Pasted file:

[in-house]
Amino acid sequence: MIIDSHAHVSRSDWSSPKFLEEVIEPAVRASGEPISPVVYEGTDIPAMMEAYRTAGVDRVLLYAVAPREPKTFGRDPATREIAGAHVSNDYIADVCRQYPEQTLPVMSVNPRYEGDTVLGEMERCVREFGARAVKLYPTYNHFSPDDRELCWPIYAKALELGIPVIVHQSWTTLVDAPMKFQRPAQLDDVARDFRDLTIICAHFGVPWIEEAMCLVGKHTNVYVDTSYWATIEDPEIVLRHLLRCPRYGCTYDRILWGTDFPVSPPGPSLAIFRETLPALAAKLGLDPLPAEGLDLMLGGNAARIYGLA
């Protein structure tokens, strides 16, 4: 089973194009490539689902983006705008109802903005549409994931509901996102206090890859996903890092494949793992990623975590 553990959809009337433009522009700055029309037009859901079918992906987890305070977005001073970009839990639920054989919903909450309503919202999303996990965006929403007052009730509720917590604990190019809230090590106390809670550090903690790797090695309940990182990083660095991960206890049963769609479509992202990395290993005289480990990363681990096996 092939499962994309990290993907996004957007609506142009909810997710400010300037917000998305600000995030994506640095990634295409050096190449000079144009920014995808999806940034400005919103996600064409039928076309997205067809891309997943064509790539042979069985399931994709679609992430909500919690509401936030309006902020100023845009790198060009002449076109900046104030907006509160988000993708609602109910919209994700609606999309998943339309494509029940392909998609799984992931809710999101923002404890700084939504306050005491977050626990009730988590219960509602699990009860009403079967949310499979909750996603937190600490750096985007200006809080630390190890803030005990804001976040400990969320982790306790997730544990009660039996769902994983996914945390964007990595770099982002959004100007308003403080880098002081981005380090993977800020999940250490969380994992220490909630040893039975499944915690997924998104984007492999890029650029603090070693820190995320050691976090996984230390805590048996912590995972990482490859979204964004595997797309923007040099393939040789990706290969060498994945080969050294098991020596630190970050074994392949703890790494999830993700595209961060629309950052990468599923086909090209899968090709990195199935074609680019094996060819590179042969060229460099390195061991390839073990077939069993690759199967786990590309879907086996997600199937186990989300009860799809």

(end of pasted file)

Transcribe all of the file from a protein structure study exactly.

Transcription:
[in-house]
Amino acid sequence: MIIDSHAHVSRSDWSSPKFLEEVIEPAVRASGEPISPVVYEGTDIPAMMEAYRTAGVDRVLLYAVAPREPKTFGRDPATREIAGAHVSNDYIADVCRQYPEQTLPVMSVNPRYEGDTVLGEMERCVREFGARAVKLYPTYNHFSPDDRELCWPIYAKALELGIPVIVHQSWTTLVDAPMKFQRPAQLDDVARDFRDLTIICAHFGVPWIEEAMCLVGKHTNVYVDTSYWATIEDPEIVLRHLLRCPRYGCTYDRILWGTDFPVSPPGPSLAIFRETLPALAAKLGLDPLPAEGLDLMLGGNAARIYGLA
């Protein structure tokens, strides 16, 4: 089973194009490539689902983006705008109802903005549409994931509901996102206090890859996903890092494949793992990623975590 553990959809009337433009522009700055029309037009859901079918992906987890305070977005001073970009839990639920054989919903909450309503919202999303996990965006929403007052009730509720917590604990190019809230090590106390809670550090903690790797090695309940990182990083660095991960206890049963769609479509992202990395290993005289480990990363681990096996 092939499962994309990290993907996004957007609506142009909810997710400010300037917000998305600000995030994506640095990634295409050096190449000079144009920014995808999806940034400005919103996600064409039928076309997205067809891309997943064509790539042979069985399931994709679609992430909500919690509401936030309006902020100023845009790198060009002449076109900046104030907006509160988000993708609602109910919209994700609606999309998943339309494509029940392909998609799984992931809710999101923002404890700084939504306050005491977050626990009730988590219960509602699990009860009403079967949310499979909750996603937190600490750096985007200006809080630390190890803030005990804001976040400990969320982790306790997730544990009660039996769902994983996914945390964007990595770099982002959004100007308003403080880098002081981005380090993977800020999940250490969380994992220490909630040893039975499944915690997924998104984007492999890029650029603090070693820190995320050691976090996984230390805590048996912590995972990482490859979204964004595997797309923007040099393939040789990706290969060498994945080969050294098991020596630190970050074994392949703890790494999830993700595209961060629309950052990468599923086909090209899968090709990195199935074609680019094996060819590179042969060229460099390195061991390839073990077939069993690759199967786990590309879907086996997600199937186990989300009860799809």